Kenya holds kidnapped Frenchwoman’s employee

(InformAfrica)— A Kenyan man who worked at the home of a disabled Frenchwoman who was kidnapped and taken to Somalia is providing investigators with crucial information, police said Monday.

Kenyan police set up a cordon around the house of the kidnapped French woman. Photo: AFP

A gang of 10 armed kidnappers seized Marie Dedieu, 66, early Saturday from her home on Manda Island in the Lamu archipelago.

“The man we have in custody was working at the woman’s home and he is assisting us with the investigation,” said a police source who asked not to be identified.

“There are aspects we want him to clarify to us because he is crucial in this investigation,” the police officer added.

Kenyan authorities Sunday were trying to establish contact with the gunmen, officials said.

With Kenyan forces obliged to stop their pursuit at the border and officials suspecting Somalia’s Al Qaeda-inspired Shebab behind the abduction, chances dimmed of a quick release for the wheelchair-bound Dedieu.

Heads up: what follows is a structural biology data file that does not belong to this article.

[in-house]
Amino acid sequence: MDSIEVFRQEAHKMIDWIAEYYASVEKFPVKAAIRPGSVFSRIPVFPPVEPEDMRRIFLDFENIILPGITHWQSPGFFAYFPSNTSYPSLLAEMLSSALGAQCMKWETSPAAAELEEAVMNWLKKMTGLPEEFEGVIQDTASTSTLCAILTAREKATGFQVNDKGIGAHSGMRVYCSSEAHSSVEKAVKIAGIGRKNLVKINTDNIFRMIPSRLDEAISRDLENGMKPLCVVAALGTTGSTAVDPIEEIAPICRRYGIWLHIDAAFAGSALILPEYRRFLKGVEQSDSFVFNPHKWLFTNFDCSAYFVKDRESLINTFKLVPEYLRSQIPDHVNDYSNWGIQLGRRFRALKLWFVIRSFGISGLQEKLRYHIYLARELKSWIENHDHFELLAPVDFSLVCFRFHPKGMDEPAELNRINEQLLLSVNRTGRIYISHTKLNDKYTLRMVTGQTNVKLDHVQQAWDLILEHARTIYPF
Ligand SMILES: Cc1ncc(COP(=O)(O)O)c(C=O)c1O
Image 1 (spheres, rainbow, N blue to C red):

The kidnappers threw away her wheelchair, which Dedieu has used since an accident several years ago. There were also concerns over her health as Dedieu needs medication every four hours.

She has lived for the past 15 years in the Lamu archipelago, off Kenya’s northern coast.

Dedieu’s home lies across a narrow lagoon from Shela, a town on the isle of Lamu popular with the rich and famous, including Monaco’s Princess Caroline, who owns property there.

A diplomatic source described Dedieu’s house as “relatively modest” and was situated just a couple of metres from the sea.

The same source described Dedieu as “a very warm person” who was “well integrated with the local population.”

Officials said mediators have been sent to Somalia in a bid to secure the woman’s release but admitted talks could be lengthy.

A security official, speaking on condition of anonymity to AFP, said Kenya had “already sent envoys to Somalia to establish contact with the abductors,” and that negotiations were ongoing.

“With negotiations such as this, and considering there is no government on the other side, it may take quite some time, and patience is required. We are just pleading with them not to harm the women…,” the security official said.

Western countries rushed to update their travel advisories and Kenya battled to save its vital tourism industry following the kidnapping.

It was the second kidnapping in the area in less than one month. A British tourist, Judith Tebbutt, was seized on September 11 to the north of Lamu by an armed gang who killed her husband.



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